SOME Perth mayors have given short thrift to a campaign by Greens leader Richard Di Natale for supporters in all councils to push for Australia Day being moved from January 26 to improve relationships with Aboriginals.
“It would be voted down, because a large number of the Aboriginal population see changing Australia Day as divisive and unnecessary,” Town of Claremont Mayor Jock Barker said.
Overnight, Senator Di Natale said the Greens would use its 100 members in councils nationally to push moving Australia Day, which has been changed at three Melbourne councils, following Fremantle Council’s lead last year.
The western suburbs of Perth have traditionally tried to at least have the impression of non-political councils.
However, members of the Liberal and Green parties have served in the past.
Mr Barker said while Sen Di Natale was “at liberty” to call on his membership to influence his council, which had worked with environmentalists and Aboriginals on rejuvenating Lake Claremont, he personally did not take notice of what had been said by the Green’s leader.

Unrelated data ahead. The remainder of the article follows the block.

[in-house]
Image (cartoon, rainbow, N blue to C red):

Mosman Park Mayor Brett Pollock, who does not support change, said moving the national day was not an issue in his town.
Mr Pollock said it would be debated if any councillor managed to get a seconder to support discussion at the council, where outside political influence was frowned on.
“While we live in a democracy, I’m opposed to political factions in local government,” Mr Pollock said.
Cottesloe Council has had Green Party members, including former councillor Greg Boland who would run as a party’s candidate at State elections, and the late Jay Birnbrauer.
Mayor Philip Angers said he believed any change was a State Government matter, but councillors would not be prevented from proposing a motion to debate the date, any change from which could result in an “expensive” poll of residents.
“I’d prefer real efforts to help Aboriginal people, instead of a political stunt,” Mr Angers said.
At Peppermint Grove Council, president Rachel Thomas said the date for Australia Day celebrations was a Federal Government decision, but councillors could put forward a motion at any meeting at a council, where there were no political factions, that preferred local issues.